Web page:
The congressional budget process ground to a halt yesterday as members of both House and Senate impatiently waited for the Reagan administration to declare itself on new budget cuts and tax increases.

"I think it is wrong to say they are sending out signals clearly on anything," Sen. Pete V. Domenici (R-N.M.), chairman of the budget committee, said as he announced that the panel would not take up the second budget resolution today as scheduled.

Domenici, in the current policy dispute within the party, is aligned with David A. Stockman, director of the Office of Management and Budget, in what appears to be an uphill struggle to increase taxes sharply to reduce the large projected deficits over the next several years.

Earlier in the day, the New Mexico Republican met with his principal adversary, Treasury Secretary Donald T. Regan, who argued strenuously against raising taxes. "Right now we are in a down period in the economy. This is not the right time to raise taxes," Regan said after the meeting.

Asked if the president supports his view, Regan said "he's getting shades of opinion," although several participants have said the president will come down on the side of his treasury secretary.

Domenici, in contrast, is pressing his GOP colleagues to accept a three-year program of $199 billion in new budget cuts and tax increases. Of this amount, $84 billion would be new taxes to be imposed over the next three years. In another controversial element of the plan, $27 billion would be cut from the Reagan administration's stepped up military spending program.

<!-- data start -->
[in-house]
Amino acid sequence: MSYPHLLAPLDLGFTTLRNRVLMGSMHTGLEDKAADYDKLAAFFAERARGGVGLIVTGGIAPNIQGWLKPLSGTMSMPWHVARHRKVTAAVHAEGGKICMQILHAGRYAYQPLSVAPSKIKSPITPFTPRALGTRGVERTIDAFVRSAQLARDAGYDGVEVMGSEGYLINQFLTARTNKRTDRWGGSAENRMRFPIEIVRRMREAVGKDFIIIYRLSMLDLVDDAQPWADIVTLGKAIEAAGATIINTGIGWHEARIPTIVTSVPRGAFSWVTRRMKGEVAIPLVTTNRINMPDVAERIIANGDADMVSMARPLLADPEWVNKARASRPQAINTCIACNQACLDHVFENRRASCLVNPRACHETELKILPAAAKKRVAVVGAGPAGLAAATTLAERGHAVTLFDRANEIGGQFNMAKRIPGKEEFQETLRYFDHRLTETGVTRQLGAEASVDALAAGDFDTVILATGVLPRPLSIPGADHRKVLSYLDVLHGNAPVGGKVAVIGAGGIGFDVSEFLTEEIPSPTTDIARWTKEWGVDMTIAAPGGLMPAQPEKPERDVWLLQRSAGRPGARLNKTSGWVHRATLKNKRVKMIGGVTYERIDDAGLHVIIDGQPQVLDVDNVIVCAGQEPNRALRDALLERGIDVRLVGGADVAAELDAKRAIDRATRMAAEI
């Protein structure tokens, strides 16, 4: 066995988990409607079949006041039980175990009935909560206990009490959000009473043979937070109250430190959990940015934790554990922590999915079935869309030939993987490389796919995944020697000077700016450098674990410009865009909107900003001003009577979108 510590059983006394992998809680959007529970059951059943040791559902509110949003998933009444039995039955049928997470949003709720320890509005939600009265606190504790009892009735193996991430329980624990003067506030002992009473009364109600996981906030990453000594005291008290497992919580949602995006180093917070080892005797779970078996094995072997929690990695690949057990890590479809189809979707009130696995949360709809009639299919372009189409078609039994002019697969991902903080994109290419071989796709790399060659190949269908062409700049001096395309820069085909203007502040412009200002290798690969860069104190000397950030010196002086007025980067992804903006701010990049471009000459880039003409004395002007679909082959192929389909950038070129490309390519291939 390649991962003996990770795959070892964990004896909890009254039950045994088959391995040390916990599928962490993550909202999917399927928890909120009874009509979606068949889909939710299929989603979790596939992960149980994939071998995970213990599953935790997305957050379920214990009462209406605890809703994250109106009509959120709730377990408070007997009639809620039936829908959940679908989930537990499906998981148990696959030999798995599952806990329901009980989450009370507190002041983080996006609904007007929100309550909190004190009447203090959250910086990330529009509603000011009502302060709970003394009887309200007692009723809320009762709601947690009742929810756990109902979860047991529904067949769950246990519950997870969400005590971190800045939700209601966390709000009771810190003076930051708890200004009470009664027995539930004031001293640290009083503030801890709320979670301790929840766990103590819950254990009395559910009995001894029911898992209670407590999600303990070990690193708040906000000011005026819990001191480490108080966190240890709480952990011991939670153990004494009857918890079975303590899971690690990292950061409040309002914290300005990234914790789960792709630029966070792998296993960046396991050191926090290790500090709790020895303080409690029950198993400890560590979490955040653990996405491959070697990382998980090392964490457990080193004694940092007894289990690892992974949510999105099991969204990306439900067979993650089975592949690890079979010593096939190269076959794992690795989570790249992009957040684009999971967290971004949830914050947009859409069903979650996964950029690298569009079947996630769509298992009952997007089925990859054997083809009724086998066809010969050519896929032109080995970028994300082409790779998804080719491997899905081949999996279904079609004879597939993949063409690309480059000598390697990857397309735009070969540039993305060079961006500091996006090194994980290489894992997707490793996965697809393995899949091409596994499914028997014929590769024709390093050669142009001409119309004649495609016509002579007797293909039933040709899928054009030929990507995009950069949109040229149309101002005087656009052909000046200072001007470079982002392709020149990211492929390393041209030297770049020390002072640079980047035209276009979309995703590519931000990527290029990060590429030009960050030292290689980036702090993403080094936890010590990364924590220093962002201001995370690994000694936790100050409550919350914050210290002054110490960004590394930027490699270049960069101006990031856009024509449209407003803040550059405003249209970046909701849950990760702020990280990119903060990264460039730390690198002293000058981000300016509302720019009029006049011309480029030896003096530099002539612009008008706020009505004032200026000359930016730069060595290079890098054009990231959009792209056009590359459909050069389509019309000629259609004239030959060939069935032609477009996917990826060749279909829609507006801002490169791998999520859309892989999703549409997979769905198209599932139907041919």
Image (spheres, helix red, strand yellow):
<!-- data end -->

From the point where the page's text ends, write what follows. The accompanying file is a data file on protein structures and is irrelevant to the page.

While backing some new spending cuts, Treasury officials are, at present, opposed to increasing taxes, particularly after passage just three months ago of the $749 billion tax cut. They are less concerned with reducing the deficit than either Stockman or Domenici is.

The Regan-Stockman conflict is the second major deficit-reducing dispute the OMB director has engaged in since last August, when he lost out to Defense Secretary Caspar W. Weinberger in a fight to reduce defense spending.

In this case, House Republican leaders have lined up with Treasury Secretary Regan in the fight against tax increases.

While Domenici postponed committee action to next Tuesday, the Democratic-controlled House Budget Committee met but took no votes on the second budget resolution which will set revenue floors and spending ceilings. It is supposed to be passed before adjournment next month.

Just as on the Senate side, House committee members repeatedly complained that the White House has not set out in detail either its budget goals or its economic projections.